Explosive weapons in populated areas

Armed conflicts are increasingly fought in population centres, and this urbanization of armed conflict has resulted in devastating and well-documented impacts on civilians. This is often due to the use of weapons systems that are designed for traditional open battlefields.

A leading concern is the use in populated areas of explosive weapons with wide-area impacts. These include weapon systems, munitions and tactics used by States and non-State actors, which can be expected to result in a high proportion of incidental civilian harm if employed in areas where there is a concentration of civilians.

Problematic types of weapons include indirect fire weapons, such as artillery, rockets and mortars, weapons that fire in salvos, such as multi-launch rocket systems, large air-dropped bombs and surface-to-surface ballistic missiles. Such systems variously involve munitions with a large destructive radius, weapons with inaccurate delivery systems or weapon systems that deliver multiple munitions over a wide area.

Many of these weapons are inherently indiscriminate when used in populated areas and therefore result in increased civilian casualties and devastating humanitarian impacts. According to some estimates, more than 90% of those killed and injured in such situations are civilians. Many more are affected by the reverberating effects of such use when social, commercial, infrastructural, cultural, educational, religious, and health-care facilities are shattered. Parties to armed conflict must always give due weight to the reasonably foreseeable effects of using bombs, missiles, mortars, rockets, artillery and other explosive weaponry – certainly also in populated areas. The collection of data on civilian casualties is another important practical step that parties to conflict, the United Nations, humanitarian entities and other interested actors should take to effectively address concerns raised by the use of explosive weapons in populated areas.

Since 2009, the Secretary-General, in his reports to the Security Council on the protection of civilians in armed conflict, has consistently highlighted the indiscriminate and severe humanitarian impact of the use of explosive weapons in populated areas.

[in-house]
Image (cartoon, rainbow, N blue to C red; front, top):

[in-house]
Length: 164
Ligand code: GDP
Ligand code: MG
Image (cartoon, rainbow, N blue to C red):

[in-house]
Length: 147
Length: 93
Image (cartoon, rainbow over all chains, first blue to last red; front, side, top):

The Secretary-General has called for parties to conflict to avoid locating military objectives within or near densely populated areas; to ratify or accede to core international instruments aimed at protecting civilians, including the Arms Trade Treaty and similar regional instruments; and to engage constructively in efforts to avoid the use of explosive weapons with wide-area effects in populated areas and to develop a political declaration that would, inter alia, commit States to develop operational policies based on a presumption against such use..

Reports of the Secretary-General to the Security Council on the protection of civilians in armed conflict

In his Agenda for Disarmament Securing Our Common Future, the Secretary-General placed special emphasis on addressing the use of explosive weapons in populated areas and committed to support States in developing a political declaration as well as limitations, common standards and operational policies in conformity with international humanitarian law.

In September 2019, the Secretary-General and the President of the International Committee of the Red Cross issued a joint appeal calling on parties to armed conflicts to avoid the use of explosive weapons with wide area effects in populated areas, due to the significant likelihood of indiscriminate effects.

Joint Appeal by the UN Secretary-General and the President of the International Committee of the Red Cross on the Use of Explosive Weapons in Cities

Data collection and the Sustainable Development Goals

Target 16.1 of the 2030 Agenda for Sustainable Development includes a commitment to significantly reduce all forms of violence and related deaths everywhere. Indicator 16.1.2 includes collection of data on conflict-related deaths per 100,000 population, disaggregated by age group, sex, and cause. The collection of disaggregated data on the category of arms used in conflict-related deaths can contribute to evidence-based dialogue to support the development of practice, policies and norms at the global, regional and national levels aimed at protecting civilians from the use of explosive weapons in populated areas.

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